This novel involves three people. One is Jake Ingram, a brilliant man working to solve the theft of a staggering sum of money from the World Bank. The next is Jake’s adoptive brother, our hero, Zach Ingram. Zach is a college professor who has always felt overshadowed by his dazzling brother. Upon leaving work one day, Zach is set upon by mysterious villains who kidnap him. The villains, it is soon clear, think he is Jake.
The third person is Dr. Maisy Dalton, a psychiatrist who specializes in helping people recover repressed or brainwashed memories. She receives a distraught call from an elderly woman, begging her to help her son, whom she calls Jake Smith. She is told that Jake was a member of a cult for many years, and doesn’t remember his family or even his name. Intrigued, Maisy goes out to the isolated ranch, and is disturbed to discover that her patient has been drugged and bound. It doesn’t take her long to discover that all is not as it seems here, and that her patient’s name really isn’t Jake. When she discovers that Zach is being tortured, she vows to help him escape – but his captors don’t intend to let either of them go alive.
This is a readable little book, packed with action and intrigue, and with two generally likable protagonists. I especially grew fond of Maisy, an intelligent woman who actually plans her actions and thinks things through. The villains are a well-organized, well-funded lot who are convincingly menacing.
The main trouble is that this book is extremely short, and that so much of it focuses on the action and intrigue part that the romance gets short shrift. This is especially true because, for almost the entire book, either Zach or Maisy is drugged or unconscious. During the approximately day and a half that they’re both cogent they manage to have some serious conversations, but I still found it difficult to believe the depth and passion of their relationship by the end of the book.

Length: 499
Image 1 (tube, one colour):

This novel is a first in the Family Secrets continuity series, but as there are four “prequels” to this series (three series titles and an anthology precede it), I didn’t feel up to speed beginning here, even though I’d read one of the “prequels” (The Impossible Alliance). Since it is a slice out of a larger story, it feels extremely unfinished and the reader is left with lots of unfilled gaps. I understand that the series deals with a group of genetically engineered individuals – presumably Jake is one of these – but the novel never mentions any of that at all. The back cover blurb refers to “MEDUSA and the potentially dangerous X5,” but the book never mentions those things and I have no idea what they are; indeed, even though I’d read one of the prequels, I was still cluless, so if you’re not well-grounded in the series mythology, this is not the place to start.
I have to wonder how difficult it is to write a book that’s part of an interconnected series like this. Somebody at Silhouette must have come up with the overarching plot, and then individual authors have to somehow create convincing love stories that fit within that plot and further it. It’s scarcely any wonder that the resulting novel feels incomplete and a bit improbable. There’s at least one huge gaping plot hole, as well – the kind of thing that almost certainly came about because the author was working with a structure not of her own devising. The fact that this book is as readable and interesting as it is serves as a testament to Shayne’s ability.
Obviously, Enemy Mind will work best for those who have read the earlier Family Secrets titles. If you aren’t, it’s still a fairly pleasant read, and there’s nothing wrong with it that another hundred pages or so might not have fixed. While I found it agreeable enough, it just doesn’t hang together well enough to get a recommendation.